We then further examined the effects of SC on the migration of Hep3B cells using Boyden chamber migration assay. As shown in Fig. 4, SC reduced the migratory ability of Hep3B cells. The cell surface receptors for chemokines highly expressed in various types of cancer, including HCC, such as CXCR4 and CXCR6, are known to play principle roles in cancer metastasis, particularly in the extravasation of tumor cells (26,27). Thus, in this study, we examined the expression of CXCR4 and CXCR6 in SC-treated HCC cells. The expression levels of CXCR4 and CXCR6 were decreased by SC treatment in a dose-dependent manner, as evaluated by RT-PCR (Fig. 5A). In previous studies, CXCR4 and CXCR6 have been reported as regulators of cytoskeleton arrangement (3739). In addition, cytoskeleton arrangement is responsible for the motility of cancer cells (4). Therefore, in this study, we examined whether SC affects actin organization in Hep3B cells. The results shown in Fig. 5B demonstrate that SC markedly reduced stress fiber and lamellipodia formation responsible for the migration of cells.

In previous studies, the extract of SC was shown to act as an anti-inflammatory agent by blocking the nuclear translocation of NF-κB and its upstream pathways, such as phosphoinositide 3-kinase (PI3K) and Akt, in RAW 264.7 macrophage-like cells and vascular tissues of rats (11,14). The signaling pathways such as NF-κB and PI3K/Akt are also related with the expression of MMP-9 (33,34) and CXCR4 (40,41). In addition, PI3K/Akt is one of most essential pathways responsible for Rho-kinase activation and actin filament arrangement (42). Thus, we assumed that the inhibitory effects of SC on the expression of MMP-9 and CXCR4, and the arrangement of the actin cytoskeleton may be due to the suppression of the NF-κB and PI3K/Akt signaling pathways. However, our results clearly demonstrated that SC did not suppress the activation of NF-κB in Hep3B cells (Fig. 6B). This disagreement may be due to the different cell type or external stimuli used. On the other hand, SC inhibited the phosphorylation of ERK and p38, but not that of JNK (Fig. 6A). These signaling pathways, including p38 and ERK, are also involved in the expression of MMP-9 (34,43), CXCR4 and CXCR6 (44,45). In addition, previous studies have revealed that F-actin re-arrangement is also regulated by the p38 or ERK signaling pathways (46,47). Therefore, we suggest that the suppression of these molecules, which are involved in migration of tumor cells, may be mainly regulated by the p38 and ERK pathways.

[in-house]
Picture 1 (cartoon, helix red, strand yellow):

Furthermore, the methanol extract of SC has been shown to reduce the expression of adhesion molecules, including ICAM-1, VCAM-1 and E-selectin, in the aortas of rats with atherosclerosis induced by fructose (14). As these molecules are also responsible for the adhesion of cancer onto vascular epithelial cells (2,4), it is possible that SC inhibits the metastatic potential through the inhibition of these adhesion molecules. The metastasis of cancer is the main cause of cancer-associated mortality of most cancer patients (28). Therefore, the prevention of tumor metastasis has been the most important challenge in the development of anticancer drugs (48). Recently, many medicinal herbs and natural products have been discovered to have anti-metastatic activities and many researchers have focused on developing novel candidates for anti-metastatic agents (49,50).

In conclusion, in this study, and to the best of our knowledge, we are the first to demonstrate that SC suppresses the invasive and migratory potential of Hep3B cells through the inhibition of MMP-9, CXCR and cytoskeleton arrangement. The ERK and p38 signaling pathways may be involved in the inhibitory effects of SC on the invasive and migratory properties of Hep3B cells (Fig. 6C). From these results, we suggest that SC may be a potential candidate for drug development to inhibit tumor metastasis, particularly invasion, intravasation and the extravasation of cancer cells in multiple steps of cancer metastasis. Further extensive studies to determine the efficacy and safety of SC in in vivo experiments are required.

Acknowledgments

The present study was supported by the National Research Foundation of Korea (NRF) grant funded by the Ministry of Science, ICT and Future Planning (MISP), Korea government (grant no. 2014R1A5A20009936).

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August 2017
Volume 40 Issue 2

Print ISSN: 1107-3756
Online ISSN:1791-244X

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Copy and paste a formatted citation
APA
Park, H., Park, H., Chung, T., Choi, H., Jung, Y., Lee, S., & Ha, K. (2017). Effect of Sorbus commixta on the invasion and migration of human hepatocellular carcinoma Hep3B cells. International Journal of Molecular Medicine, 40, 483-490. https://doi.org/10.3892/ijmm.2017.3010
MLA
Park, H., Park, H., Chung, T., Choi, H., Jung, Y., Lee, S., Ha, K."Effect of Sorbus commixta on the invasion and migration of human hepatocellular carcinoma Hep3B cells". International Journal of Molecular Medicine 40.2 (2017): 483-490.
Chicago
Park, H., Park, H., Chung, T., Choi, H., Jung, Y., Lee, S., Ha, K."Effect of Sorbus commixta on the invasion and migration of human hepatocellular carcinoma Hep3B cells". International Journal of Molecular Medicine 40, no. 2 (2017): 483-490. https://doi.org/10.3892/ijmm.2017.3010